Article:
guest-edited by Danielle Evans
Forgive my impatience
for nostalgia, your penicillin or wine,
your muddling through pleasure
as a map whose compass was inked
by men who put darker men
to the lash, your map whose edges
extend only to motherhood untroubled
by this skin deep fear my babies
won’t have the sharp squint
that is a song to the cradleboard,
that is a song to the red of me.
All right, I’m tired of your nursery rhymes,
language as white language consumed
in its own syllables. What’s at stake besides being
human? Motherhood for me looks like a storm
where I demolish the whole school
in the whiplash of my war cry
after my little one crafts a paper turkey
whose feathers, when reversed
become a fine headdress. That day
my daughter returns home, perhaps
my logic will have evolved to make
lyric her not dark enough, the way
I try to explain my own skin.
It has become increasingly apparent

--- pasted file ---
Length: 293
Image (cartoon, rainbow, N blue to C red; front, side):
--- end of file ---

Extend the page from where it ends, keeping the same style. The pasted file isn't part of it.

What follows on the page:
which side of this audience I’m on,
whose side of the church I’ve shown up for,
as the poet makes her toasts to Kant,
Gutenberg, motherhood, language
which is already un-coded for the bridal
party, not so much for the groom.
I’m not bewildered by your inside
jokes, no, I grew up in a two-story house,
I ate fresh green beans, apple pies;
I know what it is to be like snow—
at some point I can even remember
what it was like to be as though
motherhood were just another language
I had yet to learn, as though my words
were like anyone else’s, as though anger
were not a liability, not a red thing crumpled
into the smallest, blackest ball inside.
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Kenzie Allen is a Zell Postgraduate Fellow at the University of Michigan’s Helen Zell Writers’ Program, and is a descendant of the Oneida Tribe of Indians of Wisconsin. Her poetry and non-fiction can be found in Sonora Review, The Iowa Review, Day One, Word Riot, Apogee, Drunken Boat, Matter: A Journal of Political Poetry and Commentary, and elsewhere, and she is managing editor of the Anthropoid collective. She lives with her mother on the Oneida Reservation in Green Bay, and in Ann Arbor.